• To ensure federal and state authorities take action to end impunity for serious human rights violations committed in Guadalajara, Jalisco State in May 2004, San Salvador Atenco in Mexico State in May 2006 and Oaxaca City throughout 2006, in order that those responsible are brought to justice and that victims and relatives receive adequate reparations.

  • To establish effective mechanisms to prevent and punish human rights violations committed against irregular migrants by state and non-state actors.


Indigenous and rural communities

  • To ensure that local communities, particularly indigenous and other marginalized communities, affected by planned economic or development projects are adequately and fairly consulted.


International Criminal Court

  • To enact legislation implementing the Rome Statute of the International Criminal Court in accordance with international law.



Recommendations to the government of Nigeria


Torture, ill-treatment and extrajudicial executions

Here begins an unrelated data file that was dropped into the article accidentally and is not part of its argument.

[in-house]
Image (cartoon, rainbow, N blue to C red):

• To bring to justice all police officers or other law enforcement officials suspected of being responsible for acts of torture or other ill-treatment or for extrajudicial executions, in accordance with international standards for fair trial;

  • To complete the process of developing and adopting legislative measures to prevent, prosecute and punish acts of torture and other ill-treatment, in line with international standards;

  • To ratify the Optional Protocol to the Convention against Torture.


Human rights violations in the Niger Delta

  • To protect all people against human rights abuses by armed groups and gangs and to ensure that suspected perpetrators are brought to justice, in accordance with international standards for fair trial.


The death penalty

  • To establish a moratorium on executions with a view to abolishing the death penalty, as provided by UN General Assembly resolution 62/149, adopted on 18 December 2007, and reiterated by resolution 63/168, adopted on 18 December 2008;

  • To commute without delay all death sentences;

  • To refrain from extending the scope of the death penalty to include crimes such as kidnapping.


Criminal justice system